Bynum also wants to see more money devoted to the Tulsa Area Emergency Management Authority, which the city operates jointly with Tulsa County. He said the agency used to be funded equally by the two entities, but the city has not maintained its obligation in recent years because of its financial problems.
That led to a reduction in force at the agency, he said, including the elimination of a staff member charged with compiling a plan to update the city's emergency siren network, Bynum said. That network is several decades old and badly needs an upgrade, he said.
Now that the city is back in a position to fully fund its share of TAEMA operations, it needs to do so, he said.
"If the last couple of weeks haven't shown us how important that is, I don't know what else needs to happen," he said.
Henderson, Westcott and District 4's Maria Barnes all named increased funding for mass transit as an area that needs greater funding.
"Trying to get some funding back in there is a real concern for me," Henderson said. "A lot of people in my district ride the bus. It's the only transportation some of them have. So we've got to figure out a way to try to give (Tulsa Transit director) Bill Cartwright what he asked for."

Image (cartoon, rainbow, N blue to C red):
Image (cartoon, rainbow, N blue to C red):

Barnes said she constantly hears from constituents who tell her they would take mass transit if it were more convenient.
"I really hope we can make a change to help mass transit in this budget," she said.
Westcott noted his district has no bus service at all on Sundays, which presents a real hardship for District 2 citizens who work non-traditional schedules. Mass transit in Tulsa has been ignored for too long, he believes.
"Especially in my district, a lot of people are completely dependent on the bus system," he said. "A lot of them can't afford cars."
Still, even with a recent increase in sales tax revenue, not every priority of every council member and the mayor will be met. Eagleton takes a cautious approach to spending in general and is particularly concerned about the size of the operations budget the mayor submitted, explaining that it expands spending at three times the rate of core inflation. For that reason alone, he said, he could not support Bartlett's budget.